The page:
Dayton Stands Alone Against Bush on Katrina Stonewall
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What's worse than being a Senate Democrat slogging through committee work in the minority party and trying to get the Republicans to actually perform the whole coequal-branch-of-government, oversight thing on the White House? How about if the ranking Democrat on your committee, your go-to guy, is Joe Lieberman?
That's been the Sisyphean task faced by Senator Mark Dayton (D-MN) as one of seven Democrats on the Senate Committee on Homeland Security and Governmental Affairs -- there are nine GOP members -- trying to get some straight answers on how the Bush administration managed to screw up so badly leading up to and after Hurricane Katrina.
Dayton was the only dissenting vote as the Committee issued a report last week, Hurricane Katrina: A Nation Unprepared, which capped its seven-month investigation into the preparedness and response to the catastrophic storm that wiped out much of New Orleans and coastal Mississippi. The Minnesota Senator voted against approving the draft report because "…it is seriously incomplete without the information, documents and testimony denied by the White House."
After repeated attempts to get full cooperation and transparency out of the Bush White House, Lieberman formally asked Committee Chair Susan Collins (R-ME) on March 15, 2006 to subpoena witnesses and documents that had been withheld by the administration -- and Collins refused.
Dayton assailed the other members of the Committee for failing to uphold their oversight responsibilities by simply giving up after the White House’s flat-out refused to fully disclose how they handled key elements of response to the hurricane.
“I regret the spineless decision by the Committee not to subpoena the information, documents, and witnesses, which the White House has refused to provide,” said Dayton, in a statement after the May 2 vote.
"The administration's refusal to comply and cooperate with this investigation is deplorable," said Dayton, speaking of it again on the Senate floor this week. "This investigation is not complete without all of the information requested from the administration. Furthermore, the report's findings and conclusions can hardly be considered reliable if the White House has decided what information to provide and what information to withhold from the committee."
Dayton recounted Tuesday how, on January 12, 2006, Collins sent a letter to then White House Chief of Staff Andrew Card demanding greater cooperation and saying bluntly "this practice (of withholding information) must cease."
"We are willing to discuss claims of executive privilege asserted by the White House, either directly or through a Federal agency," continued the letter, which followed another letter that was ignored in October 2005. "But we will not stand for blanket instructions to refuse answering any questions concerning any communications with the EOP [Executive Office of the President]."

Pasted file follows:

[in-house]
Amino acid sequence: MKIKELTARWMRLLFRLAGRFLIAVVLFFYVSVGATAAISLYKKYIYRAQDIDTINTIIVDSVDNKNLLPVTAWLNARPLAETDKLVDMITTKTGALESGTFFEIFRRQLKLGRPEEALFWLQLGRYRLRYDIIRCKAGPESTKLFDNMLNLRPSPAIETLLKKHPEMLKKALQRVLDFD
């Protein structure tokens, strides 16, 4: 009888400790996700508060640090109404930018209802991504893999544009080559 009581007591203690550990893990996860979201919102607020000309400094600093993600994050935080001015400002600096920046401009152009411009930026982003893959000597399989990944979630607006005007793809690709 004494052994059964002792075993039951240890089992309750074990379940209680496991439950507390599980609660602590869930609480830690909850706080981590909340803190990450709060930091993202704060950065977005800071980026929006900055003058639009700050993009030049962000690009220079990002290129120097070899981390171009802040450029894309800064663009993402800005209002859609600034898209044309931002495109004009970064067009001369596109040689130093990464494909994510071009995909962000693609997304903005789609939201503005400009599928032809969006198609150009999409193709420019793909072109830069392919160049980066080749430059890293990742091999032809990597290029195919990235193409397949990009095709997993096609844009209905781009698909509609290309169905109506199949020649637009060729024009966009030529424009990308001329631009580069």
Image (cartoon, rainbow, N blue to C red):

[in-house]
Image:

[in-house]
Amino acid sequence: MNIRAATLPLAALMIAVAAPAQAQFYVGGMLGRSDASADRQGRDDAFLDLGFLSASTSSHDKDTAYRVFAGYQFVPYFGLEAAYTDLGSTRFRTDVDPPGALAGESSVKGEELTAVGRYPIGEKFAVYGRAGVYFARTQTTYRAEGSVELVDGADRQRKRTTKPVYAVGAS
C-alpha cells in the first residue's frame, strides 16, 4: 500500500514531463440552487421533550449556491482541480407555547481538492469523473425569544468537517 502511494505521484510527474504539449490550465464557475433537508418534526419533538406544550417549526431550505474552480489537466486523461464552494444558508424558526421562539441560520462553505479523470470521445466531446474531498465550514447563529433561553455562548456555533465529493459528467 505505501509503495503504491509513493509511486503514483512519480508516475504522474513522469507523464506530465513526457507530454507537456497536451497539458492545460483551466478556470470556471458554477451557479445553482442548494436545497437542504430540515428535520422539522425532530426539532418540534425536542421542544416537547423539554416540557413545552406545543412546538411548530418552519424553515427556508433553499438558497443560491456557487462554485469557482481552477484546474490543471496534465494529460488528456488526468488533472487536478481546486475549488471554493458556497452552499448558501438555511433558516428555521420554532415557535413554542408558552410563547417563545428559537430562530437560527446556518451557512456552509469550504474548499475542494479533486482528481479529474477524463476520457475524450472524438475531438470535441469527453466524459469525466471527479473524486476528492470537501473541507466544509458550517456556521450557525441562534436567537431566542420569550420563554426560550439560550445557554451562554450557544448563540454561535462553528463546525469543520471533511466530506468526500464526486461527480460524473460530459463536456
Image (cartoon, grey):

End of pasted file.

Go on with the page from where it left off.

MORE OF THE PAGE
Collins then refused to back up that indignation with any action in the form of subpoenas.
"Thus, the committee failed the Senate's constitutional obligations to be an independent, coequal branch of Government from the executive," said Dayton. "It also failed the long-suffering victims of Hurricane Katrina, who deserve to know why their governments failed them, and all of the American people, who depend upon their elected representatives to protect their lives and their interests, without regard to partisan political considerations. That partisanship includes unjustified protection of an administration of the same political party, as much as undue criticism of one from another party."
Meanwhile, Collins dismissed Dayton's concerns, saying the committee had gotten everything it needed from the executive branch.
"As a result of the Committee's efforts, we have a clear window into the functioning role of the White House in the days before and after Hurricane Katrina made landfall," said Collins in a statement. "The Committee had ample evidence to draw conclusions on how to strengthen our nation's ability to prepare for and respond to future catastrophes."
At no point does Collins explaining why, if they had received everything they needed, she then sent such a strong letter to the White House demanding an end to the stonewalling.
Senator Frank Lautenberg (D-NJ), while inexplicably not joining Dayton in his mission to stall the release of the report pending more information from the White House, had harsh words for the lack of cooperation received by the Committee.
"The Committee investigation was the best it could have been given White House intransigence, but what is required now is an independent, bipartisan Katrina Commission with subpoena power," said Lautenberg. "The government failed its citizens before, during and after this disaster. Let's not fail the American people again by denying them access to what the White House knew and when they knew it."
And then, of course, there's Lieberman, who slinked quietly away after conceding yet another fight to George W. Bush, saying that pushing any further for Bush’s cooperation now would only tie up the report and recommendations with hurricane season approaching.
“The moment had passed,” Lieberman said. “We did what we could.”
At least Mark Dayton can say that with a straight face.
You can reach Bob Geiger at email@example.com